On a full-attendance day at a business process outsourcing centre in a village in Uttar Pradesh, 40 boys and girls work on computers, each of their desktops powered by rooftop solar panels that turn sunlight into electricity.
Their workplace, a two-storey building, is the only structure in Sonari, a village of about 1,700 people and located about 50km from Lucknow on the road to Sitapur, where electricity is guaranteed nine hours a day and six days a week — 240 units solar power each week.
Sonari’s BPO outpost, which is also used by local villagers to charge their cellphones, represents a rare example of solar energy replacing a fossil fuel — diesel — under a commercial initiative without any subsidy from the government, according to renewable energy sector analysts.
India’s efforts to expand its installed solar energy capacity have gained momentum with the capacity rising from less than 50MW in mid-2011 to nearly 980MW by June 2012. But experts caution that achieving the target of 20,000MW solar energy by 2022, announced two years ago by the Union government, will demand tweaks of policy and innovations in financing, technology management and land use.
The high cost of solar energy technology and poor distribution and servicing networks have hampered efforts in the past to expand solar energy, a senior official with the Union ministry of new and renewable energy (MNRE) said.
But solar panel prices have come down in recent years. “The Sonari example shows that solar energy costs can be comparable to the costs of diesel even without government subsidy,” said Rahul Singh, an engineer-entrepreneur who heads the solar energy division of Gram Oorja Solutions, the company that set up the solar panels for the BPO centre.
Gram Oorja has also erected a 10KW solar plant through funds from a private entity in Darewadi, a village in Maharashtra, whose 40 households have each paid Rs 1,000 for the solar electricity connection.
“There are examples of complex (solar energy) technology solutions delivered to rural folk through a sustainable business model,” said Hari Natarajan, a senior consultant with Inclusive Infrastructure Development Consulting, Bangalore, who has been involved in promoting energy infrastructure in rural areas.
Natarajan cites the model established by the Bangalore-based Selco Solar, a private enterprise, which has over the past 17 years helped establish more than 100,000 solar lighting systems in rural homes across Karnataka.
“It has 30 branch offices, each with two technicians, and servicing is part of the package,” Natarajan said. But we need initiatives to make financing of solar energy products more attractive to banks, he said.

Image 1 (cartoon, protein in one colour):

The non-government Centre for Science and Environment (CSE), New Delhi, has cautioned that a “target-based approach and 100 per cent subsidy” for solar energy is proving counterproductive.
At sites where solar energy systems are subsidised 100 per cent, the quality of service and maintenance tends to be poor, according to a draft report on the solar energy programme prepared by the CSE.
The CSE has also argued that efforts to establish off-grid solar lighting should focus on the 10,600 villages across the country that are too far from electricity grids and thus are unlikely to get grid electricity in the near future. Its report said there were examples in which villages received grid electricity connections within a year after getting solar lighting systems.
Amid concerns about land use for large solar panel projects, the CSE has suggested that 2.5 hectares per MW should be set as a mandatory ceiling for land use for solar power plants receiving preferential tariffs.
The CSE draft report suggests that rooftop and canal-top solar panels be encouraged to reduce land use. It cites the example of a 1MW solar project near Ahmedabad, Gujarat, whose solar panels have been erected along a 750-metre stretch of a branch of the Narmada canal.
“State governments also need to show more commitment to solar energy. They shouldn’t treat it as just a central effort,” said a MNRE official. Just two states — Gujarat and Rajasthan — account for more than 850MW of India’s current installed solar energy capacity of 980MW.
But a CSE analysis suggests that Chhattisgarh provides an example of a state that has achieved significant progress on solar energy. Chhattisgarh has 1400 villages lighted by solar energy, accounting for more than 20 per cent of India’s solar powered villages.